Horizontal Asymptotes

By:Mohammad-Ali Bandzar | August 10 2019

Horizontal Asymptotes (often abbreviated to H.A) are horizontal lines that a function will approach and become infinitesimally close to but will never touch as the function approaches either positive or negative infinity.

Three general types of asymptotes exist: vertical ones, horizontal ones, and oblique ones(also commonly called slant asymptotes). In this tutorial we will be focusing only on horizontal asymptotes as they are the easiest to determine. The equation for a horizontal asymptote will be a horizontal line.


A horizontal asymptote is a horizontal line(a y value) that the function will approach until positive and or negative infinity.

Horizontal vs Vertical asymptotes

Horizontal asymptotes have some clear differences from vertical asymptote is that it is ok for your function to pass through a horizontal asymptote for a fixed number of times. Furthermore, a function can only have a maximum of 2 horizontal asymptotes, one as x approaches positive infinity and one as x approaches negative infinity. Horizontal asymptotes are also more commonly written with limits because in theory when x is infinitely large it will touch our asymptote.

Finding Horizontal asymptotes

Horizontal asymptotes, unlike vertical ones are very easy to find. That’s because we always know where horizontal asymptotes May occur, if they are to exist they must occur at positive and or negative infinity. So the easiest way to solve for one would be to plug in 2 very big positive numbers (eg 1 and 2 million) and if the values are very close you know that it’s likely because the graph has a horizontal asymptote. The y value you get will also be the equation of the asymptote (y=). You can then do the same thing with two large negative numbers.


1/x graph
Below is a table of our function f(x) approaching our horizontal asymptote but never reaching it,

f(x) result
f(1000) 0.001
f(2000) 0.0005
f(3000) 0.0003333
f(4000) 0.00025
f(5000) 0.0002
f(6000) 0.00016666
f(7000) 0.0001428
f(1000000) 0.000001
As you can see from the table our graph approaches zero as x approaches infinity but we are never able to reach our asymptote at infinity.

The more professional way

If you are In school like I was when I learnt this you may have a teacher that will not like the above solution, they may say that no matter how many points you plug in it was merely a coincidence that all the points pointed (pun intended) to the function having s horizontal asymptote. If so follow the instructions below:

You take the rational function they give you say for example loading... you identify the highest power of x. In this case it is to the two(squared). You then rewrite the equation ignoring any factors that aren’t raised to the second power and we get the following: loading... from this we can see that as x becomes a very large positive or negative number y approaches zero, thus we have identified the equation of the horizontal asymptote as being zero. This can also be written as the limit as x approaches \pm infinity=0. You can verify this by graphing our function and zooming out a lot. 1/x^2 graph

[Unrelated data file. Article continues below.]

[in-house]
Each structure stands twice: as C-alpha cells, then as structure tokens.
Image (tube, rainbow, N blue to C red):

There are 3 key scenarios using this method

Example 1:

This question is a model of our second scenario, “equal powers”, 2 is obviously our largest power here so we can simplify the equation to loading... and since both the numerator and denominator have equal powers, the equation of our horizontal asymptote will be the fraction of our coefficients loading... which simplifies to y=1
(x^2+5)/x^2 graph

Example 2:

naturally you may think that this is the “equal powers” situation and want to identify the highest power then cross things out like I’ve told you to before. But you would be wrong, because this equation expands out to
which simplifies to 1 which is a horizontal line and horizontal lines can’t have horizontal asymptotes.
(x^2+5)/x^2 graph

Example 3:

because the numerator has a larger power than the denominator we can immediately recognize that the graph will not have a horizontal asymptote as the numerator will grow substantially faster than the denominator as we approach infinity, we will not have a horizontal looking line as we zoom out on our graphing calculator. We could also recognize this by using the method I mentioned about crossing out all factors that are not to the highest power, we would be left with:
And since the numerator will grow with x and the denominator will not since it’s fixed at 1. We can tell that the graph will trend upward as x goes toward infinity.
(2x^3+5)/(9x^2) graph

Example 4:

this one should be easy for you because the denominator has x to a greater power than the numerator we can immediately identify the horizontal asymptote as x=0. We could also use the crossing out method I taught earlier, by removing all factors with a power less than 3 we are left with:
And as x increases we get closer and closer to 0 making the equation of our horizontal asymptote:
loading... (999x^2+x)/(x^3) graph

Example 5:

This one I just threw in for fun, it’s another horizontal line because when simplified you get:
Which is in itself a horizontal line and horizontal lines can’t have horizontal asymptotes (3x+x+6x)/(x) graph

Example 6:

I know this one may look very similar to the last example but when simplified you get
And that additional fixed factor of 1 in the numerator is what makes this function have a horizontal asymptote as the relevance of that one to the final product becomes less and less significant as x increases. Since we have equal powers we know that our horizontal asymptote will be the fraction of our co-efficients or 10. (3x+x+6x+1)/(x) graph

Example 7:

which can also be written as loading... or tan inverse x or arctan(x) this is a unique situation because it will have 2 different horizontal asymptotes, 1 as the equation approaches positive infinity and a different one as it approaches negative infinity. arctan(x) graph

Pro tips: